Aug. 8 (Bloomberg) -- In confirmation hearings last week, Richard Olson, President Barack Obama’s nominee for ambassador to Pakistan, said his top priority would be working with the Pakistanis to degrade the Taliban-allied Haqqani network.
With good reason, the U.S. considers the Haqqani network to be the greatest threat to international and local forces in Afghanistan. Its trademark is suicide attacks, like those last September in Kabul on the U.S. Embassy and the headquarters of NATO-led international troops. Much of the Haqqanis’ success owes to the haven that the group enjoys in North Waziristan, part of Pakistan’s semi-autonomous tribal region.
Unfortunately, the odds of getting the Pakistanis to crack down are slim. Like the Americans, they have a history with the group; both supported its founder, Jalaluddin Haqqani, and his followers in the 1980s against the Soviets, who then occupied Afghanistan. Unlike the Americans, though, the Pakistanis have kept up their ties and regard the group as key to their future - - insurance that the government of Afghanistan’s president, Hamid Karzai, won’t get powerful enough to gang up with India against Pakistan, which sits between the two. That scenario might sound far-fetched, but it’s real to Pakistanis.
Anyway, Pakistan is not in a particularly appeasing mood. It only recently reopened its roads to allow the resupply of international forces in Afghanistan after the U.S. belatedly apologized for accidentally killing 24 Pakistani soldiers near the border last November.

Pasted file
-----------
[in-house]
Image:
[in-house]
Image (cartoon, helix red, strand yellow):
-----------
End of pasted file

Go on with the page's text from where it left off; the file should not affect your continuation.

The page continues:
Although the U.S. can’t count on Pakistan as a partner, it can do more to combat the Haqqanis on its own. Last month, the House and Senate passed a resolution urging the State Department to add the network to the U.S. list of foreign terrorist organizations. The president should overcome his hesitation and sign the measure so that it takes force.
The administration has been reluctant to go that route because it fears foreclosing the chance that the Haqqanis will join the suspended Afghan national-reconciliation effort. The U.S. hopes that process will produce a political settlement before its last troops are scheduled to leave Afghanistan in 2014.
Without a terrorist designation, however, the U.S. has little power to disrupt the Haqqani network’s well-established fundraising in Saudi Arabia and other Persian Gulf countries. The U.S. has sanctioned a handful of Haqqani leaders, freezing any assets they hold under U.S. jurisdiction and prohibiting Americans from doing business with them. Labeling the group as terrorist would bar Americans from supplying the group with money and, more important, require financial institutions to block all funds in which it has an interest. The U.S. Treasury has enforced the latter ban in previous cases by threatening to shun any bank that handles such transactions, an action that has cut into the earnings of other terrorist organizations, notably al-Qaeda.
The Haqqanis wouldn’t like this, but that wouldn’t necessarily decrease the odds of their joining a reconciliation process. Like the Taliban, they will agree to a political settlement when they are sufficiently weakened or they calculate it is in their interests. Cutting into their funds could hasten that determination.
In any case, the prospect of reconciliation hasn’t inhibited the Haqqanis from killing Americans, who are likewise killing Haqqanis. In that deadly context, throttling their funding seems both sensible and appropriate.
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